NSW Ports off the Hook?

Filed under Government, Legal, Letters, Port & Shipping ~ by Editor on  30 Mar 2019

NSW Ports is no longer required to file a defence against the ACCC’s claim of acting illegally under section 45 of the “Commonwealth Competition and Consumer Act 2010” (Competition Act).

A Federal Court order requiring the defence to be filed by March 28 was vacated.

NSW Ports said in January that it did not know until 2016 that the NSW State Government (State) required the lessee of the Port of Newcastle to reimburse the State for any compensation the State paid to NSW Ports for container traffic at the Port of Newcastle, above a minimal specified cap.

NSW Ports learned about the requirement from a report in “The Newcastle Herald” on July 28 2016.

The ACCC said on June 7 2013 that the Competition Act was unlikely to apply to the development of a container terminal at the Port of Newcastle from at least July 2012. It said that the State was unlikely to be carrying on a business for the purposes of the Competition Act because it had decided that the next container terminal to be developed in NSW would be at Port Kembla, after Port Botany reached capacity.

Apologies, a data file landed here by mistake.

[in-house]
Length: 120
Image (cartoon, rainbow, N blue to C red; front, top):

According to the ACCC, the State decided not to develop a container terminal at the Port of Newcastle.

The ACCC declines to explain why it is taking action against NSW Ports in respect of a container terminal development at the Port of Newcastle, while claiming that the State has a policy not to develop a container terminal at the Port of Newcastle.

The fact that the ACCC is taking action against NSW Ports in respect of a container terminal development at the Port of Newcastle, means that the ACCC accepts it is not State policy not to develop a container terminal at the Port of Newcastle.

The State instructed Morgan Stanley in 2012 that the developer of a container terminal at the Port of Newcastle would be required to reimburse the State for any payment of compensation the State made to a future lessee of Port Botany and Port Kembla, if container traffic at the Port of Newcastle was above a minimal specified cap.

The NSW Parliament did not authorise Port Botany and Port Kembla to be leased with a condition that was illegal under the Competition Act.

The ACCC cannot take action against NSW Ports under the Competition Act if the lease condition is illegal under the “Ports Assets (Authorised Transactions) Act 2012”.

The Port of Newcastle was leased to provide the State with a source of funds to pay NSW Ports for container traffic at the Port of Newcastle.

The NSW Parliament did not authorise the port to be leased for this purpose.

The State did not disclose the Port of Newcastle container terminal development condition to the public, the Parliament or, presumably, the ACCC.

Greg Cameron
Infrastructure analyst



Previous postGoonyella a Warning for Longwalls Next postDog Parks OK but Separate Big from Small
Our content: Terms of Use   |    © 2019 Newcastle on Hunter ~ Mostly Good News   |    Design by milo